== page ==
Paperless Post

I worked as a full-stack developer for 5 years on the stationery customization tool and on the presentation of the customized stationery to recipients. Initially, most of the front-end work was in Flash but due to its decline was replaced with JavaScript. When adding front-end functionality, I often had to update the accompanying back-end which was written in Rails and Ruby with a Postgres database. Back-end changes included updating the API, the content management system (CMS), and relevant unit tests.

Minimum Viable Product

I was the first full-time employee and was the primary developer working on tools to allow users to create their own custom stationery. I implemented much of the initial stationery customization functionality for the site launch including the photo panning and resizing functionality seen below.

photo stationery

Stationery Sets

I wrote code that allowed for automated rendering of different arrangements of stationery sets. Cards and envelopes could be reordered, positioned and rotated in relation to each other, drop shadows could be customized, and sets could be rendered as flat or standing.

stationery sets

Envelope Content Editing

I was responsible for all of the editable features of the envelope. The style of the text, the postmark, the stamp, envelope liner and envelope itself are all&nbscustomizable.

envelope content editing

Envelope Opening Animation

The envelope opening animation uses a real-time 3D rendered envelope. I created the initial texture map template and animation tool for determining the timing for the animation.

envelope opening animation

Envelope Interaction

After the initial card animation, one can interact with the envelope by viewing both sides and opening and closing the flap. I programmed all of the interaction including inertia physics.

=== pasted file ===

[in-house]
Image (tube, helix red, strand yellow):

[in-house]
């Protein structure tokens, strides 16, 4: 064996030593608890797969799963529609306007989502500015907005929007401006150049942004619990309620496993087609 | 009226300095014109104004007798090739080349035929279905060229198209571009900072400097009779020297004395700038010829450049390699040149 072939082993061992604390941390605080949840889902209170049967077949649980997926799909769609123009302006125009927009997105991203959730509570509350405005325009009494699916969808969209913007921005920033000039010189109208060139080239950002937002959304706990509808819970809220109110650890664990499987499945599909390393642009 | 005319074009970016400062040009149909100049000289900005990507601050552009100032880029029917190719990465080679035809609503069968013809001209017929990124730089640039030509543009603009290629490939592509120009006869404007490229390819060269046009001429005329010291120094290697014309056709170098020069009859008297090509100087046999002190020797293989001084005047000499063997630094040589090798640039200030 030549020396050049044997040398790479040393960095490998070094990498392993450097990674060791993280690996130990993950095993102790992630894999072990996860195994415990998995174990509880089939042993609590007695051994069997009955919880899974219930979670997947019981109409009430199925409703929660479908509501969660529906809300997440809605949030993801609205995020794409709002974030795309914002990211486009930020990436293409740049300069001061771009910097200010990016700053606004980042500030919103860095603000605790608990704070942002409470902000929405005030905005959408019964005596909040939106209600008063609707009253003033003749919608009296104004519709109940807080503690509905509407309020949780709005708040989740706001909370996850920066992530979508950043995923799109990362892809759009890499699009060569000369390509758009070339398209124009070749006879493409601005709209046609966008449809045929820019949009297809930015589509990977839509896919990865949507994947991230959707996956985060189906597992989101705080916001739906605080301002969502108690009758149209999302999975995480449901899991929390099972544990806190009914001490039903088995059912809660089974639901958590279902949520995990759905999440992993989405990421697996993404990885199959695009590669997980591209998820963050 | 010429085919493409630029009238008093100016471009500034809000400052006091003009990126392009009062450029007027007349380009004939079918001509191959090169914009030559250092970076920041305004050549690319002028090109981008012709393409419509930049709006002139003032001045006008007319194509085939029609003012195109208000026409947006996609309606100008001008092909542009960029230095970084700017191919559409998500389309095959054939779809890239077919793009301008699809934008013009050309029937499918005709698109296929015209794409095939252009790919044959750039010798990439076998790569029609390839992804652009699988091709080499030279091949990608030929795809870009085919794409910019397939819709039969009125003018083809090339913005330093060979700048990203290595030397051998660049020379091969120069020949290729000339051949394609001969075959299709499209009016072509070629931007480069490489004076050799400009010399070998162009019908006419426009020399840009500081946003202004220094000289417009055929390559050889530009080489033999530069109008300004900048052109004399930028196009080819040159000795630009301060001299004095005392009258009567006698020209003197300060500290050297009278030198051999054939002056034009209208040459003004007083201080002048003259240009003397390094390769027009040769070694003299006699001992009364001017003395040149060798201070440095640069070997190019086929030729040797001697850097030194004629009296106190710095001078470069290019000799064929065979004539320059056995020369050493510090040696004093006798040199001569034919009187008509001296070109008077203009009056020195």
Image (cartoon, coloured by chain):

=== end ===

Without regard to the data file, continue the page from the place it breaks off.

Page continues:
envelope interaction

Back-end Work

Updating Data Models

Initially, each stationery card had only one side so the data model only allowed for a single text container. I refactored it to allow for multiple text containers and wrote a script to update all the stationery to use the new model.

Improving CMS Workflow

When designers created new stationery, text container dimensions had to be manually entered into the CMS. The designers would determine the dimensions in an image editor then copy over each value separately into the CMS. I created a tool that allowed them to select the text area directly on the image in the CMS, saving them many hours of work.

Rewriting Flash Functionality

The decline of Flash necessitated porting all of the Flash functionality to HTML so that existing stationery would render exactly the same as before. I did extensive work in parsing vector graphics and fonts in the Flash file format and extracting the formatting.